Newborn puppies seem to have two jobs: Eating and sleeping, as if moving into this world tired them out. While it’s heartwarming to watch your little buddy sleep, seeing them always lying on couches, you may wonder, do puppies sleep a lot?
Yes, all puppies sleep a lot, and this is totally normal. The reason behind puppies sleeping that long is that they have low energy levels and that low energy is utilized by the body for growing the organs. So our pups are not left up with much power to be awake, play, and goof around.
Do Puppies Sleep a Lot?
Yes. Newborn puppies sleep a lot & wake up as they please. As said before, they have minimal energy levels and lack the ability to stand on their own; therefore, they spend their time dreaming about angels and the heavens.
As puppies grow, they get energetic and tend to play whenever they get the chance. But when they play, much of their energy gets drained quickly, and they fall asleep.
How Much Sleep Do Puppies Need?
There’s no one-size-fits-all answer to how long a puppy should sleep.
There are various factors on which this span depends, most important of which is the age of a puppy.
- Newborn puppies need more sleep, requiring up to 20 hours of sleep and spend the remaining time nursing.
- When puppies grow 8 weeks old, they sleep for approximately 18 to 20 hours a day.
- At 2 months old, a puppy sleeps up to 18 hours.
- A three-month-old puppy would still need around 15 hours.
- Whereas adult dogs sleep for 14 hours per day on average.
Here is a puppy sleep chart.
|8 weeks||20 hours|
|10 weeks||18 – 20 hours|
|12 weeks||18 – 20 hours|
|14 weeks||18 hours|
|16 weeks||18 hours|
Why Puppies Sleep a Lot?
Puppies sleep a lot because Mother Nature has designed their bodies so. Most pups get fully grown by the age of 2 years, and some by the age of 1. Small- and medium-sized puppy breeds grow up quickly as compared to giant dog breeds. According to Dr. Jerry Klein, DVM and Chief Veterinary Officer at AKC, “on average, small breeds typically stop growing by the time they reach 6 to 8 months of age.” A body that grows so quickly needs plenty of rest and recuperation to optimize healthy development.
When your puppy sleeps, his body goes through a lot. His brain is busy processing every new thing that the puppy encountered today and storing it away for later use. His central nervous system, internal organs, and immune system are growing stronger. His bones and muscles are developing. And all this growth and functioning utilize all the energy your puppy gained from nursing. Thus, it’s something not to worry about if your puppy sleeps nearly 20 hours every day.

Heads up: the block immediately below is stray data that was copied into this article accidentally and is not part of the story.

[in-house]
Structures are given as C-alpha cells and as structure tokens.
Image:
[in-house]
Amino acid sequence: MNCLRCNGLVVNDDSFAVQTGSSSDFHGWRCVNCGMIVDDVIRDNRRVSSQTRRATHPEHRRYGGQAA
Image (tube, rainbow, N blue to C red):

Here are some benefits of puppy sleeping a lot:
- It provides energy to the brain and body
- It contributes to the growth of a healthy immune system
- It balances appetites and digests the food
- It releases growth hormones
If you want a healthy, properly-developed, and emotionally stable puppy, you need to let the sleeping puppy rest, as it is an essential factor in all of these development processes.
Apart from the age, some other factors determining how much a puppy would sleep are as below:
1. Dog Breed
Puppies that belong to working or hunting dog groups tend to sleep a lot less than lazy dog breeds—the latter sleep more even when they are grown-ups.
Here are the top lazy dog breeds that love to sleep often.
- Shih Tzu
- Basset Hound
- French Bulldog
- Lhasa Apso
- Cavalier King Charles Spaniel
- Saint Bernard
- Chow Chow
- Great Dane
- Cocker Spaniel
- Great Pyrenees
- Bull Dogs
2. Stress, Anxiety, and Boredom
A puppy that has been separated from his mother and littermates at an early age goes through psychological difficulties, such as anxiety, stress, and boredom. Under stress, a puppy’s brain releases oxytocin and melatonin, because of which he sleeps too much. If your dog is stressed out or feeling anxious, you will notice that your puppy is becoming lethargic and falls asleep.
This also happens when a puppy moves to a new house. Helping the puppy by giving him a routine jazzed up with love, bonding, and affection can improve your puppy’s mental and physical health.
3. Less Calorie Intake
Smaller the size, tinier the stomach, lesser the calorie requirement, and lower the energy levels; our puppies fit this criterion altogether. However, when their calorie requirement isn’t met, they get lazy and tired. To fulfill their calorie intake, you must know how much to feed.
According to the Animal Medical Center of Chicago, daily calorie requirements for puppies should be:
|Body Weight in Pounds||Puppy up to 4 Months||Puppy Over 4 Months|
How to Get Your Puppy to Sleep?
- Give your puppy a set place to sleep. Either an inviting crate or a comfy puppy bed.
- Make the space quiet.
- Exercise them to burn off any excess energy he may have.
- Create a sleep routine—and plan the times for training, potty, and meals.
Puppy Sleeping Schedule
Finding the right puppy sleeping schedule to train your puppy accordingly can be tough. Most schedules that you find online may not work for your puppy—every pup has a different nature.
However, here are some schedules that have been used by puppy owners and that have consistently worked.
Puppy Sleep Schedule 1:
|6 am||Wake up|
|6:30 am||Cuddles and Snuggles|
|8 to 9 am||High-Energy Playing (if your dog belongs to active dog breeds)|
|9 to 12 am||Nap|
|12 am to 1 pm||Lunch|
|1 to 3 pm||Playtime|
|5 to 6 pm||Dinner Time|
|6 to 7 pm||Grooming|
If this doesn’t comply with your routine, we suggest you make a puppy sleep schedule in such a way that fulfills your puppy’s sleep requirement. Otherwise, his health can deteriorate—they will stay malnourished and frequently get mood swings and behavioral issues.
So, do puppies sleep a lot? Yes. Should you worry? No, it is completely normal. Puppies sleeping a lot is a sign that they are healthy.